John Gibson: Sea? There is life after the services

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In the navy you can sail the seven seas. Wasn’t there a song about that?

Dusty Milller doesn’t sing it. But he can whistle the merry tune now his six years as a submariner are behind him and his feet are back on the ground.

He was in the control room of the nuclear subs Courageous and Warspite. These boats were named after illustrious battleship.

Perth-born Nigel ‘‘Dusty’’ Miller schooled at Galashiels Academy before he joined the Navy at 18. Today you’ll find him talking shop in Edinburgh’s Old Town in Jeffrey Street, where in April he opened his Scottish Regimental Store, an impressive assortment of Scottish militaria.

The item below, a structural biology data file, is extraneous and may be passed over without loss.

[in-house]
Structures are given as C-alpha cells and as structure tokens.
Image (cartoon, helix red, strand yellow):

Says Dusty, 47, surfacing optimistically: “Already I’ve established numerous contacts from all three services. I came out of the Navy and found work in retail, for the Clydesdale in their electrical department. Then for the Ministry of Defence in security at Edinburgh Castle. Action? I didn’t see any. I served in the subs while the Cold War was on, but not many sailors can say they slept on torpedo rack. I can confirm that, yes, it can be ridiculously cramped.’’

Small talk

Think Danny De Vito. Think Dustin Hoffman. Tom Cruise even. And we mustn’t leave Ronnie Corbett out of the reckoning.

Says Bradley Willcox at the department of geriatric medicine at Hawii University: “The taller you got, the shorter you lived.’’ He found that ‘‘shorter men are more likely to have a protective form of longevity gene’’.

So if wags raise a cheap laugh calling you ‘‘Shorty’’ just walk tall.